MAYORGA Luis Segundo
congresos y reuniones científicas
ESCRT complexes are involved in acrosomal membrane deformations required for regulated exocytosis in human spermatozoa.
POCOGNONI CA; BELMONTE SA; MAYORGA LS
Simposio; Gordon Research Conference. Molecular Membrane Biology.; 2013
Gordon Research Conference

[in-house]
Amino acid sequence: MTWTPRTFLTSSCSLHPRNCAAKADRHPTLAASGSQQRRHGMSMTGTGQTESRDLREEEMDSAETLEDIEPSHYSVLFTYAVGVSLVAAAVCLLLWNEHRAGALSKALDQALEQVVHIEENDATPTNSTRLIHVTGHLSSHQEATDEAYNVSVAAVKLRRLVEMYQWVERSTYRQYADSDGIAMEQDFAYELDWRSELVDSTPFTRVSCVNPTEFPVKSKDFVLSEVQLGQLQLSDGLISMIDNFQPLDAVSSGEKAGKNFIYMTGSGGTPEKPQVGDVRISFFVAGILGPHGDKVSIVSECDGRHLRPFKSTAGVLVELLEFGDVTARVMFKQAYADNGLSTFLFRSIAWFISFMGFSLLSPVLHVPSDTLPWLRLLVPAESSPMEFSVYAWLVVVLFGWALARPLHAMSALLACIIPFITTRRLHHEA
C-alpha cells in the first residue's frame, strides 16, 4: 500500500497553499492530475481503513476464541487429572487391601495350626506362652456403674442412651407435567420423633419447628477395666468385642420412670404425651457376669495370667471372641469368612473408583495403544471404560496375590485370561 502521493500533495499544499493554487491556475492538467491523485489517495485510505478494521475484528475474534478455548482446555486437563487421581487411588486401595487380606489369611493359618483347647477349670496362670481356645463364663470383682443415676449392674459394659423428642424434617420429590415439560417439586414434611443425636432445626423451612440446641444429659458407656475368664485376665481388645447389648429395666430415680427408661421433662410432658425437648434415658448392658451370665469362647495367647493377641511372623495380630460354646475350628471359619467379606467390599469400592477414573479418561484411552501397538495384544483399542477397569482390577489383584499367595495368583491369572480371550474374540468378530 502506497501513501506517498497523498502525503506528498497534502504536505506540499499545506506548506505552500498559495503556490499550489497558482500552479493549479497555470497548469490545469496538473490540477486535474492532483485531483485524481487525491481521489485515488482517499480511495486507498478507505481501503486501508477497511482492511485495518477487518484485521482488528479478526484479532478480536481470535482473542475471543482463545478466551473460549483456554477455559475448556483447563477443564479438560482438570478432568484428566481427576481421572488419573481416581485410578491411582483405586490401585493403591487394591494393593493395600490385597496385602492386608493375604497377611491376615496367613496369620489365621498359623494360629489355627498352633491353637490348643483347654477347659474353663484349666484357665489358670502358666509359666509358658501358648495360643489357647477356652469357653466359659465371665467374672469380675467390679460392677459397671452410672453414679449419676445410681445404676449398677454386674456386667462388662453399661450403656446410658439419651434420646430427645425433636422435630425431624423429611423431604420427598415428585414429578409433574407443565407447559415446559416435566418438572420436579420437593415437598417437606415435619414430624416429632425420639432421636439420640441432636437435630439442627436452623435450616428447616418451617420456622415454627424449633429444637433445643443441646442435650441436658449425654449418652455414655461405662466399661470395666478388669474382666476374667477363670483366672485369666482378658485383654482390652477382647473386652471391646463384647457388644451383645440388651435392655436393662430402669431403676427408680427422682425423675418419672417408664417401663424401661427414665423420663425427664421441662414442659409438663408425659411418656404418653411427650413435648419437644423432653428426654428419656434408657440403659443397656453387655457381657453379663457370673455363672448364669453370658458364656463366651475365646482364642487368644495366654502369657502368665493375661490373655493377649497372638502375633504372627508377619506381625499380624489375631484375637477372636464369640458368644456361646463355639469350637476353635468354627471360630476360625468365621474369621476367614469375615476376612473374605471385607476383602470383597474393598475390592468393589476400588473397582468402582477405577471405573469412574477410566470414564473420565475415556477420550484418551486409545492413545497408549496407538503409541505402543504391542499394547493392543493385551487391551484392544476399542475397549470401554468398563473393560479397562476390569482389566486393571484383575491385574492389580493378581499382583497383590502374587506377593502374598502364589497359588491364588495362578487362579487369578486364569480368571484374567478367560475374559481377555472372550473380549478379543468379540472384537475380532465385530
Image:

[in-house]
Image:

During spermiogenesis, the male gamete loses most of its endomembrane system. Moreover, it becomes transcriptionally and translationally silent. Spermatozoa are one of the few cell types from multicellular organisms that are adapted to survive individually. These highly differentiated cells are capable of performing a limited set of functions with high efficiency. Mammalian spermatozoa carry a single dense-core secretory granule (named the acrosome), large enough to be observed by fluorescense microscopy. Therefore, sperm are excellent model cells to study secretion. The acrosome reaction is a calcium-dependent exocytosis. Fusion at multiple sites between the outer acrosomal membrane and the cell membrane causes the vesiculation of these membranes and the release of the acrosomal contents. We have reported previously that, by preventing the release of calcium from the acrosome, the exocytic process is arrested at a stage where SNARE proteins are assembled in loose trans complexes. Transmission electron micrographs of sperm at this stage show profusely swollen acrosomes, with deep invaginations of the outer acrosomal membrane. The protruding edges of these invaginations are tightly apposed to the plasma membrane. We have proposed that these membrane deformations are part of the mechanism of the formation of hybrid vesicles, having patches of outer acrosomal and plasma membranes. Invaginations of the acrosomal membrane are topologically equivalent to the formation of internal vesicles in endosomes, a process that depends on the assembly of membrane-bending ESCRT complexes on the endosomal surface. We are exploring the possibility that the same mechanism is involved in acrosomal exocytosis. A dominant-negative mutant of VPS4, the ATPase responsible for the disassembly of the membrane attached ESCRT proteins, inhibited acrosomal exocytosis in streptolysin O-permeabilized human spermatozoa. Moreover, an anti-VPS4 antibody was also inhibitory. TEM images showed abnormal bending of the acrosomal membrane when sperm were stimulated in the presence of the dominant negative VPS4. These observations suggest that the deformation of the acrosomal membrane necessary for acrosomal exocytosis are shaped by an ESCRT-dependent mechanism